Hello everyone and welcome back to my little corner of Arthur’s Place.
Thank Lottie it’s Friday, and in this week’s post I wanted to talk about something that I am very passionate about.
On Arthur’s Place Social on Facebook, I have noticed a lot of posts about what’s best to do if you feel your doctor is not listening to you, or not giving the appropriate care that you feel is needed. I myself went through a situation in 2012 when after months of begging and pleading for more pain control he flat out refused to treat me, and kicked me out of his clinic in front of the whole waiting room!
I felt abandoned and neglected and had no pain control or anything all though my first year of A level exams!
My whole family was furious, we were like a bull to a red rag, and scatter-gunned letters of complaint to anyone who would listen.
But in all of this mess and, in my view, total neglect, from someone who is meant to listen and care for your needs, I went from an awful doctor, (which I would call a category 1) to one of the world’s leading rheumatologists (category 9, ten being the highest!). So all in all it was a blessing in disguise.
I thought I would write a post along with the help of my mother Deborah on what we did when faced with a situation where the care you are receiving is not up to standard and how to change that.
Where to start?
When I was first kicked out we didn’t know where to start and it was all a bit scary. We were all ready to spit fire to be honest, but that was not the way to go about it.
Like I said before, we scatter-gunned to get our voices heard, meaning that we felt we needed to write to everyone about what was in our opinion a total lack of treatment and neglect.
As I was coming up to that golden age of 18, with the transition (or black hole as we call it) from paediatrics to adult health care looming, we were warned it would be a tricky time going through transition, but we felt totally abandoned at a frightening time.
Our first port of call was to write an official complaint to the Hospital, through PALS, and explained how we had been treated and how disgusted with the service we were and listed all the occasions where we were given inferior care.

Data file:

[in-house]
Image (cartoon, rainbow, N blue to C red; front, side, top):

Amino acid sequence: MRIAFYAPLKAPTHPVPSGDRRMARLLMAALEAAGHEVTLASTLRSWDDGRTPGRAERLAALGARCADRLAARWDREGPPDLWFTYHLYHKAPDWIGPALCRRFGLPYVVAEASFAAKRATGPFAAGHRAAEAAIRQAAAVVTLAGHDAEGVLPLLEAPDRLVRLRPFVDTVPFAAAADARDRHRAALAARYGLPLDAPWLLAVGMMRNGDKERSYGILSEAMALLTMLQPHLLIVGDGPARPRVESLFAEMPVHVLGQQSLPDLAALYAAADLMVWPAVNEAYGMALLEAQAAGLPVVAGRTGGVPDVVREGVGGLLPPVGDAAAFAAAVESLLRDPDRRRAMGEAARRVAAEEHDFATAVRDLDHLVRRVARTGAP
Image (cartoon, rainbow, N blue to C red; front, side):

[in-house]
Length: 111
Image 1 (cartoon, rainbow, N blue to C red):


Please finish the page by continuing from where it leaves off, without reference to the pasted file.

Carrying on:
This letter was also sent to the doctor, to his secretary and to the Primary Care Trust.
What happened next
It all went quiet for a bit, other than PALS contacting us after about two weeks – it all seemed to be dealt with behind the scenes. After about two to three months I had a letter through the door saying I was seeing a new Rheumatologist. To be honest with you I thought more should have happened in dealing with the doctor as nothing seemed to come about after we complained, other then a change of doctor.
What I would suggest
If you feel you are not receiving the care you need or not receiving the right care, then tell them!
You don’t have to tell the doctor directly; talk to the practice manager or talk to PALS first without making an official complaint, if you feel that they could help.
But there is absolutely no excuse for poor practice. They came into the profession to help people, not to fob them off by not listening or in a lot of cases, as I believe, because the meds are too expensive!
There’s always the other option of asking your GP if they can refer you elsewhere in your local area. Where I go now for treatment is not technically in my county, which can be a little bit of trouble trying to get blood test results to them and so on, but really is negligible considering I am receiving the best care I feel I can get.
So if you are not happy with your rheumy, then talk to someone about it because it’s your life that they are affecting. They don’t know how you feel, even if you feel like you’re repeating yourself and they’re not walking in your shoes.
Meet Charlotte and other friendly folk on Arthur’s Place Social, our Facebook Group
(Any opinions expressed in Charlotte’s blog are not necessarily shared by Arthur’s Place. Nothing that you read in Charlotte’s blog constitutes medical advice.)